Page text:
ABU DHABI (Reuters) – Leonardo da Vinci’s “Salvator Mundi”, a painting that courted controversy after Saudi Arabia’s crown prince was named as its alleged secret buyer, will not be unveiled on schedule, Abu Dhabi’s Department of Culture and Tourism said on Monday.
Visitors are seen at the Louvre Abu Dhabi after it was opened to public in Abu Dhabi, United Arab Emirates, November 11, 2017. REUTERS/Satish Kumar/File Photo
The portrait of Christ, which became the most expensive painting ever after a sale by Christie’s auction house, was scheduled to be on display at the cfrom Sept. 18. The authorities did not specify a reason for the delay.
The painting was purchased last November by an unidentified buyer bidding via telephone after a protracted contest of nearly 20 minutes.
A report in the Wall Street Journal said that Saudi Crown Prince Mohammed bin Salman was identified as the buyer of the painting in U.S. intelligence reports, according to people with direct knowledge of the information, even as the 33-year-old son of the king pushes ambitious economic reforms that include austerity measures.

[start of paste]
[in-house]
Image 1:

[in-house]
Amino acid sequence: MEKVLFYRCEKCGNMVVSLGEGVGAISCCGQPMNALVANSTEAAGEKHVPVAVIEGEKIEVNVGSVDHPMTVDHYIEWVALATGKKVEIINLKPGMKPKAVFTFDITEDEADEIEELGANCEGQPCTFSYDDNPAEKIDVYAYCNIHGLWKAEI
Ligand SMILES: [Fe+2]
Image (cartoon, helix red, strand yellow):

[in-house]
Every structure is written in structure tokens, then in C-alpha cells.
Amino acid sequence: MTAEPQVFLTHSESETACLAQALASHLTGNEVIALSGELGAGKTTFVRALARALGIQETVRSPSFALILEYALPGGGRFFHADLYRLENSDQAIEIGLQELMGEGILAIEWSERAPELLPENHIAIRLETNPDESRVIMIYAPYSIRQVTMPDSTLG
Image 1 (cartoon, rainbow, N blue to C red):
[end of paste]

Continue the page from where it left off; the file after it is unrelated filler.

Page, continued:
A Saudi official denied that report at the time, and a document seen by Reuters showed that Saudi Prince Badr bin Abdullah bin Farhan, a relative of the crown prince who subsequently became the kingdom’s first culture minister, had been authorised to make the purchase on behalf of the Abu Dhabi Department of Culture and Tourism.
The painting, only recently rediscovered, was the last da Vinci left in private hands and fetched more than four times Christie’s pre-sale estimate of about $100 million.
Writing by Stephen Kalin, editing by Louise Heavens